The Undrugging of Annie (Part V)

            I was repeatedly admitted to inpatient psychiatry for treatment of suicidal depression.  Several times in the decade that had elapsed since Dr. Rich had poisoned me, I had approached her while I was an inpatient.  Each time she told me that she was not responsible for my illness.  She said that she had done all the tests she should have done.  What she had not done was believe me when I said something was wrong.

Many times my hospitalizations would coincide with those of a slender young woman with bright blue eyes who was suffering from hallucinations consequent to childhood sexual abuse.  She was Dr. Rich’s patient.  I watched as the woman grew gaunt and seriously ill.  I listened as her husband talked about the extensive and expensive tests that were being performed to try to diagnosis her problems.  She had liver tests, invasive gastrointestinal testing, MRIs, and things I’d never heard of.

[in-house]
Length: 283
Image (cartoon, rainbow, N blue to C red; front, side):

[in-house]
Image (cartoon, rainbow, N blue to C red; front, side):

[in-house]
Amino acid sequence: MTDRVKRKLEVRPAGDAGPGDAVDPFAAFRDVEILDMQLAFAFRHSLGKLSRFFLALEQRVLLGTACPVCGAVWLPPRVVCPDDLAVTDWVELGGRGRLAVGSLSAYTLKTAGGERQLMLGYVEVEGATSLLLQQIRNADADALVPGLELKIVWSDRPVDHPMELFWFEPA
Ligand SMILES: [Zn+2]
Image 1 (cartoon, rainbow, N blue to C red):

I knew.  By now Dr. Rich had something of a reputation—among doctors and patients—as being abusively incompetent.  Her colleagues knew she was incompetent.  Regulations require physicians to report incompetence.  None of them did.  I knew Dr. Rich was poisoning her blue-eyed patient but there was nothing I could do.  The patient and her husband were true believers.  They trusted Dr. Rich.  They had never heard of the PDR or OPMC, and didn’t want to learn.  The doctor would know what to do, they thought.  No point in listening to another patient.  The young couple was oblivious to the idea that drugs have side effects, and that doctors diagnosis side effects as new diseases without ever checking the listing in the PDR.

            Dr. Ghaly ran out of antidepressants for my treatment.  He held out the hope of new antidepressants that would soon come on the market, and changed my treatment to nutrients.  SAMe caused depression, hypomania, diarrhea, leg cramps, nausea and low blood glucose.  Omega 3 caused a weight gain of fifteen pounds in twenty-seven days.  I treated myself with St. John’s Wort, not knowing it is an MAO inhibitor and I still had SSRIs in my system.  This time it was me who made me acutely ill.